Inevitable answer: "it depends".
A human uses about a hundred watts of power at rest, and maybe double that for extended periods if they're fairly fit. A world-class cyclist might manage as much as a kilowatt (possibly aided by pharmaceuticals).
The power-to-weight ratio of current fuel cells is quite variable, but by the time you've got actual androids to power I'm sure that the higher-end figures will be commonplace. A kilowatt fuel cell could, therefore, be only a kilo, and will probably fit inside a replica human torso, no problem. Even more pessimistic estimates aren't that bad, with a 10kg cell providing enough oomph.
Fuel cell vehicles are about 50-60% efficient. This figure probably won't rise that much in the future, so lets assume the worst for simplicity. Hydrogen has an energy density of 140MJ/kg, giving you a maximum of 70MJ of useful energy per kilo of fuel, or 19.5kWh. That's enough to run an idle human for over a week, or a world-class athlete running at full power for a bit under a day.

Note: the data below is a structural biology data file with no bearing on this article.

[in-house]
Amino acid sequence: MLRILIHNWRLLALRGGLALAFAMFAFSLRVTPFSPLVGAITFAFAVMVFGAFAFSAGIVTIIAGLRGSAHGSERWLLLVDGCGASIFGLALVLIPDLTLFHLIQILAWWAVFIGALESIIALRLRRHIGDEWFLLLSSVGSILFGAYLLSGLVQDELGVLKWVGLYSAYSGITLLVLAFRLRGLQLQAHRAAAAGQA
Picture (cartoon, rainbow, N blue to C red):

Modern high-pressure hydrogen tanks are filled at 700 bar. At this pressure, and at room temperature (handwave, handwave) hydrogen has a density of about 38kg/m3. That 1kg of hydrogen, then, could fit in a cylinder of 10cm radius and 83cm height. That's quite big! You'll have difficulty fitting that in a person-sized hull and still have space for all the other useful androidy things you'll be wanting.
Take home message: hydrogen fuel cells good, hydrogen fuel bad. I'm not sure what alternatives would be best in your situation, but obviously depend very much on what you want your android to do and for how long. Other types of fuel cell do exist with much more energy-dense fuel, but current efficiencies are low. Naturally, as the author you may handwave your future tech as you see fit. A methanol fuel cell with a 50% efficiency (current real world figures are more like 10%!) would be a good start... the fuel has 20 times the density of 700bar hydrogen and is a lot easier to work with. Even with a usable energy density of only 11MJ/kg, a 6.4kg fuel tank isn't a big load to haul around and fits in 1/3rd the space.